A solid business plan allows an owner to manage growth and expectations, obtain financing and take advantage of market opportunities when they arise. In today’s economically challenging environment, reviewing that plan annually is critical to stay current with customer demands and technological advances. As industries evolve, so must businesses and their plans.
“A business plan allows you to make decisions in hard economic times when you may experience some profit squeeze or declines in revenue,” says John Helmuth, a director in the audit and accounting group at Kreischer Miller. “The plan will help you address what direction to lead your business, whether focusing on different products or more profitable areas of the business or attacking different opportunities in the marketplace.”
Smart Business asked Helmuth about the foundation for a strong business plan and how to update that plan annually so it is relevant to current and future operations.
What are the key components of a business plan?
First is the executive summary, which informs the reader, whether a potential lender or your management team, upfront with key ideas covered in the plan. It explains the fundamentals of your business, including your products and services, customers, owners, and the overall direction of your business and industry. It can also include a request for funding from investors or lenders.
Next is the business environment, offering a more in-depth industry description and outlook, with the direction of the marketplace and an evaluation of your competition.
The company description includes your mission statement, the structure of your organization, your management team, products and services, technology, and company operations. It also addresses your marketing plan and company strengths.
Next is company strategy. This is where you expound on: basic strategies for dealing with major facets of your business, anticipated changes in the industry and how the company will adapt to economic ebbs and flows, and opportunities to grow your business. As you develop the company strategy, ask yourself these questions: Where do you expect to be as a company next year? What about in five years? What products and services do you anticipate will show strong/weak performance? What opportunities may crop up in the future? How will you react to those? The compiled answers to these questions will shape your company strategy.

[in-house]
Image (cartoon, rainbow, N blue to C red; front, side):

Following is the financial review. Include historical income statements, balance sheets and cash flow statements for the last three to five years, along with projected financial data for the next five years.
The final section is the action plan. How will you reach your goals? Who will help you implement the plan? If you decide to market new products and services, how should the management team realign itself and what changes are needed to handle future growth? The first sections of your plan map out the ideas. The action plan component tells how your company will accomplish these goals and measure its progress along the way.
What mistakes do owners make when creating a business plan?
The worst mistake is failure to plan in the first place. But even with a plan, some owners do not formulate accurate financial projections and realistic goals and objectives. Additionally, they avoid asking themselves two key questions: Have we gained or lost significant customers? Have we evaluated the profitability of major product lines? It is important to consider these questions, along with historical results and growth opportunities, in order to set achievable targets.
Another mistake is their unwillingness to accept change as industries evolve and technology continually becomes more sophisticated. If you base your plan on outdated information, you will not be prepared for changes in an uncertain future. Finally, business owners who do not assemble the proper team could have difficulty implementing a plan to drive the business forward.
At what point should business owners review an existing plan?
Review and make appropriate amendments to your plan at least once a year. If your business is in a rapidly changing industry, you may need to evaluate your plan more often even every quarter. Refer to the plan frequently to determine whether your business is achieving its goals and objectives.
What side effects might a business suffer without a solid plan?
In a worst-case scenario, lack of planning can result in business failure. Management teams that do not plan potentially spend more time resolving issues than guiding their companies’ futures. If your industry is constantly changing and your product mix loses position in the marketplace, not addressing potential issues immediately could mean playing catch-up later to regain market share. Lack of business planning could also reduce the likelihood that an outside investor will lend you capital to grow the company.
Finally, and perhaps most important, if you don’t get your goals down on paper in the form of a business plan, you will likely not achieve those goals. Without a vision, you could miss opportunities that may lead to increased profit, new customers or additional revenue streams.
JOHN HELMUTH is a director in the audit and accounting group at Kreischer Miller, Horsham, Pa. Reach him at (215) 441-4600 or email@example.com.